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Recombinant Human BCAM Fc Chimera Protein, CF

Bio-Techne includes R&D Systems | Catalog # 148-BC

Catalog #
Size / Price

Key Product Details



Accession #

Structure / Form

Disulfide-linked homodimer





Product Specifications


Mouse myeloma cell line, NS0-derived human BCAM protein
Human BCAM
(Glu32 - Ala547)
Accession # CAA58449
(Pro100 - Lys330)
6-His tag
N-terminus C-terminus


>95%, by SDS-PAGE under reducing conditions and visualized by silver stain.

Endotoxin Level

<0.10 EU per 1 μg of the protein by the LAL method.

N-terminal Sequence Analysis


Predicted Molecular Mass

83.7 kDa (monomer)


110-120 kDa, reducing conditions


Measured by the ability of the immobilized protein to support the adhesion of TE‑85 human osteogenic sarcoma cells.
When 5 x 104 cells/well are added to human BCAM/Fc Chimera coated plates (25 µg/mL with 100 µL/well), approximately 40-80% will adhere after 1 hour incubation at 37 °C.
Optimal dilutions should be determined by each laboratory for each application.

Formulation, Preparation and Storage

Formulation Lyophilized from a 0.2 μm filtered solution in PBS.
Reconstitute at 100 μg/mL in sterile PBS.

Reconstitution Buffer Available:
Size / Price
Shipping The product is shipped at ambient temperature. Upon receipt, store it immediately at the temperature recommended below.
Stability & Storage Use a manual defrost freezer and avoid repeated freeze-thaw cycles.
  • 12 months from date of receipt, -20 to -70 °C as supplied.
  • 1 month, 2 to 8 °C under sterile conditions after reconstitution.
  • 3 months, -20 to -70 °C under sterile conditions after reconstitution.

Background: BCAM

Human Basal Cell Adhesion Molecule (BCAM), also known as CD239, is an immunoglobulin superfamily protein that arises from alternate splicing of the Lutheran blood group molecule (Lu). BCAM lacks a 40 amino acid (aa) SH3-containing segment that is present in the cytoplasmic domain of Lutheran (1). The two isoforms are expressed as 85 kDa and 78 kDa glycoproteins (2 - 4). A polymorphism at position 77 within the extracellular domain (ECD) of human BCAM is the basis for the difference between the Lua and Lub Lutheran blood groups (5). The ECD of human BCAM contains two Ig-like V-type domains and three Ig-like C2-type domains (5, 6). It shares 73% aa sequence identity with the ECDs of mouse and rat BCAM. BCAM is widely expressed in epithelial and endothelial tissues including in the vasculature, kidney glomerulus, small intestine, colon, hair follicle outer root sheath, and basal keratinocytes of the skin during inflammation (3, 7 - 9). On polarized epithelium, the Lutheran isoform is restricted to the basolateral membrane, while the short isoform is also found on the apical face (2). In the superficial layer of stratified epithelium, however, it shows a nonpolarized distribution (3). BCAM is also expressed on vascular and visceral smooth muscle cells and at the neuromuscular junction of skeletal muscle (3, 8, 10, 11). BCAM is upregulated on carcinomas (particularly ovarian), sarcomas, astrocytomas, and melanomas (3, 7, 9, 10). It cooperates with Integrins beta1 and alphaV beta3 as an adhesion receptor for Laminins which contain the alpha5 chain (4, 12). Mouse BCAM binds to both human and mouse Laminin, whereas human BCAM binds to human but not to mouse Laminin (13). In contrast to mouse, human BCAM is additionally expressed on erythrocytes and is upregulated on these cells in sickle cell disease and polycythemia vera (8, 14, 15). It mediates increased binding of erythrocytes to Laminin and promotes the formation of erythrocyte-monocyte aggregates (8, 14 - 18). The Lutheran isoform is aberrantly phosphorylated in erythroid disorders and can enhance Laminin-mediated adhesion of erythrocytes to vascular endothelial cells (15, 18).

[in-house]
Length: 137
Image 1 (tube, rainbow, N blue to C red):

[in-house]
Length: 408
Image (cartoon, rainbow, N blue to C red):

1. Rahuel, C. et al. (1996) Blood 88:1865.
  2. El Nemer, W. et al. (1999) J. Biol. Chem. 274:31903.
  3. Garin-Chesa, P. et al. (1994) Int. J. Oncol. 5:1261.
  4. Vainionpaa, N. et al. (2006) Am. J. Physiol. Cell. Physiol. 290:C764.
  5. El Nemer, W. et al. (1997) Blood 89:4608.
  6. Campbell, I.G. et al. (1994) Cancer Res. 54:5761.
  7. Schon, M. et al. (2000) J. Invest. Dermatol. 115:1047.
  8. Rahuel, C. et al. (2008) Am. J. Physiol. Renal Physiol. 294:F393.
  9. Rettig, W.J. et al. (1986) Cancer Res. 46:6406.
  10. Rettig, W.J. et al. (1988) Proc. Natl. Acad. Sci. 85:3110.
  11. Nishimune, H. et al. (2008) J. Cell Biol. 182:1201.
  12. Kikkawa, Y. et al. (2007) J. Biol. Chem. 282:14853.
  13. Rahuel, C. et al. (1999) Immunogenetics 50:271.
  14. Zen, Q. et al. (1999) J. Biol. Chem. 274:728.
  15. Wautier, M.-P. et al. (2007) Blood 110:894.
  16. Udani, M. et al. (1998) J. Clin. Invest. 101:2550.
  17. Chaar, V. et al. (2010) Haematologica 95:1841.
  18. Gauthier, E. et al. (2009) Br. J. Haematol. 148:456.

Long Name

Basal Cell Adhesion Molecule

Alternate Names


Entrez Gene IDs

4059 (Human); 57278 (Mouse)

Gene Symbol



Additional BCAM Products

Product Documents for Recombinant Human BCAM Fc Chimera Protein, CF

Certificate of Analysis

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Note: Certificate of Analysis not available for kit components.

Product Specific Notices for Recombinant Human BCAM Fc Chimera Protein, CF

For research use only

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